- Power plant from Event Horizon: Copyright 1997 by Paramount Pictures. Incidentally, you really should check out this movie, because it’s unbelievably scary and cool. Plus it’s got that guy from Jurassic Park. Sam something.
- Dead iguana: By MarkBuckawicki (Own work) [CC0], via Wikimedia Commons.
- Protestor: By Heng Reaksmey [Public domain], via Wikimedia Commons; Voice of America.
- Birds are fucking everywhere: From the Something Awful forums (http://www.somethingawful.com/photoshop-phriday/science-fair/8/). For the record, this is a photoshop, as are the other examples on that page.
- Woman on stairs: By Jessyka Laynne Cortes [CC BY-SA 3.0 (http://creativecommons.org/licenses/by-sa/3.0)%5D, via Wikimedia Commons.
- Jimmy the Robot from the Aquabats: By Rubyyslipperss (Own work) [CC BY-SA 3.0 (http://creativecommons.org/licenses/by-sa/3.0)%5D, via Wikimedia Commons.
- Chemistry guy: By এফ রহমান (Own work) [CC BY-SA 4.0 (http://creativecommons.org/licenses/by-sa/4.0)%5D, via Wikimedia Commons.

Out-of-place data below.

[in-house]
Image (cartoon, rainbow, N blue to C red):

- Teacher: By Nevit Dilmen (Own work Family album) [Public domain], via Wikimedia Commons.
- Tennis players shaking hands: By kance [CC BY 2.0 (http://creativecommons.org/licenses/by/2.0)%5D, via Wikimedia Commons.
- Arm wrestlers (who probably aren’t actually buttheads): By HAKarmsport (Own work) [CC BY-SA 4.0 (http://creativecommons.org/licenses/by-sa/4.0)%5D, via Wikimedia Commons.
For those of you who have been told to cite things incorrectly, the date this was published was January 12, 2015. If you’d like to do it the right way, Google “ACS Style” or the style rules for any of the other physical sciences. Seriously, MLA style? That’s only used in the humanities, and we’re scientists!